Keyhole to an uncertain future
by HASLOO

A long-held belief states that in order to embrace the future, you must have a clear vision of what you want to create.

BUT… in an uncertain world where change comes quickly and predictions seem futile, is it still relevant to commit your life to a vision? Is it possible to alter visions without feeling like you are giving up your dreams?

I agree it is important to know where you are going. Knowing your desired destination makes decision making easier. The picture can inspire you to keep going even when days feel dark. Your vision can activate courage. The activist and poet Audre Lorde said, “When I dare to be powerful, to use my strength in the service of my vision, then it becomes less and less important whether I’m afraid.”

Visions are still vital. I also believe they need to be regularly assessed based on shifts in both daily life and personal desires. Innovation is opening doors while world events are shutting some. This doesn’t mean opportunities are decreasing.  As the adage says, “One door closes, another one opens.” Even a crisis can both narrow and expand possibilities. You don’t want to give up on the dream you’ve worked hard to achieve but how you live out your dream might be expanding or changing over time.

In the book Abundance, space entrepreneur turned innovation pioneer Peter H. Diamandis and award-winning science writer Steven Kotler document how the fast-growing technologies such as artificial intelligence and robotics were unimaginable by most people a decade ago. Diamandis says no matter the problems we face and losses we suffer, we have to believe we can discover new ways to live, collaborate, and improve our world.

We need to have visions AND believe there will be possibilities worth embracing that continually arise.

When trying to envision your future, consider using these practices, and repeat them at least annually if not more in times of accelerated change (like now!).

3 Practices to Flex Your Visions
  1. Discover what gives you fulfillment right now. Instead of focusing on external things you hope your future will produce, such as money, a great company to work for, or what you want to buy, pay attention to what you are grateful for having or doing right now. Are you finding more happiness in helping others? Are you creating or expanding a community meaningful to you, deepening your spirituality, discovering your appreciation of nature, or loving the time you have to learn something new? What do you crave more time for, knowing it will lift your mood? Use your insights to define what you want for yourself going forward.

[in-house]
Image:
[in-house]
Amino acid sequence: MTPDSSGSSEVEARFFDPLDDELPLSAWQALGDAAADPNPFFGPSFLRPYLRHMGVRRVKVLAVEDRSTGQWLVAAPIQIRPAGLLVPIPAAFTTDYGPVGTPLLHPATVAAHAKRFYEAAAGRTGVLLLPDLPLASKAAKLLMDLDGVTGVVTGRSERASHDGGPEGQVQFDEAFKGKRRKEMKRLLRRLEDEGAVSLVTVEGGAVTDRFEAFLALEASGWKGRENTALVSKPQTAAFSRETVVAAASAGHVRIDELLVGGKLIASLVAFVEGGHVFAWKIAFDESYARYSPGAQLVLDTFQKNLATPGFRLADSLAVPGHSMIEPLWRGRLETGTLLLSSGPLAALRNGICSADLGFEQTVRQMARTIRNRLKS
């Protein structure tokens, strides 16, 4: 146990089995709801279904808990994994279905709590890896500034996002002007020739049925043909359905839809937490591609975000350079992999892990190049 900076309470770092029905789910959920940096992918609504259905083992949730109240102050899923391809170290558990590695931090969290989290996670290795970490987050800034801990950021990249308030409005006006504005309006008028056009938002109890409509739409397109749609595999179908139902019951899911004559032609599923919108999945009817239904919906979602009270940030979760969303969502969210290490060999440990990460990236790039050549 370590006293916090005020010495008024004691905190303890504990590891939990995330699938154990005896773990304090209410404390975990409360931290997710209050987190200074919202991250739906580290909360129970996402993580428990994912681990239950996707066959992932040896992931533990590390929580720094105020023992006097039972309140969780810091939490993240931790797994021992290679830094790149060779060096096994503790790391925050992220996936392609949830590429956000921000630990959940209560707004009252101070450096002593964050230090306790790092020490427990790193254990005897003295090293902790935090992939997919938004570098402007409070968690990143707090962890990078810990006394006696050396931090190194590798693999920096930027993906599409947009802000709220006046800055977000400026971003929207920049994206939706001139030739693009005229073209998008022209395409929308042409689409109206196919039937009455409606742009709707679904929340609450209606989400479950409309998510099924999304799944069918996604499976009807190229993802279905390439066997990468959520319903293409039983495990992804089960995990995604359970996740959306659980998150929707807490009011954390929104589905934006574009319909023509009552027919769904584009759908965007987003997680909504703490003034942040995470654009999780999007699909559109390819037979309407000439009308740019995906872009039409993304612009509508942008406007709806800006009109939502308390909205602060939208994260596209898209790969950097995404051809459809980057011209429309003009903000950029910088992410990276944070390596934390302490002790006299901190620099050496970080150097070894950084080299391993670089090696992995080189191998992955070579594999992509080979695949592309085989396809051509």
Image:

2. Include who you are in your picture. Envision your future self, the person you want to become. Who do you want to be next year? How would you like to be with people, and yourself, differently? What would help you grow into the person you know you can be? Catch yourself saying “but” and coming up with excuses for not committing to growth. You might not change the world but you can develop yourself.
  3. Practice being present to what is showing up. Sometimes we miss opportunities offered to us because we are stuck on goals we made when life was different. What advice are people most asking you for? What makes you angry that you want to change? Are you being asked to collaborate with others in new ways, doing things you didn’t know you could do? You might expand your range of possibilities when you pay attention to the gifts the present has to offer.

Doing one or all three of these practices – define what is fulfilling right now, design your future self, and be more present to what is showing up – will help you feel more in control of your life now as well as the future.

Holding onto dreams is important. Adapting them to your changing inner and outer world is even more vital.

Remembersorting this out with a coach can help you stay focused and brave.

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